Chemie Grünenthal visit
What if I told you that the story of Thalidomide-the drug that caused a catastrophe-is still ongoing?
Until its ban in 1961, Thalidomide was licensed for use in the UK; given to pregnant mothers to combat the affects of morning sickness, it left children without arms, without legs. In some cases it affected sight, it affected hearing, it affected hands and feet.
As late as 2013, according to an article by the BBC, people affected were still being born affected in places such as Brazil.
Thalidomide is not a story that’s over.
The UK distributor of the drug, Distillers, were taken to task by The Sunday Times; this left a legacy of compensation, which is administered by the UK trust. Questions are now being asked about the creator of the drug, Chemie Grünenthal; campaigns are focusing on the question of accountability, as well as who is ultimately responsible.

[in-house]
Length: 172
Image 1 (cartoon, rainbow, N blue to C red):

Chemie Grünenthal, the organisation that created Thalidomide, is based in Germany; they have invited me to view historical documents, to meet and interview their experts.
By supporting this project, you are enabling me to investigate the background to the disaster, as well as efforts to support the victims around the world today, through the Chemie Grünenthal Foundation. As well as this, you would also be helping me to develop further content; there are interviews with people affected by Thalidomide, journalists from The Sunday Times, and others to come, via my column.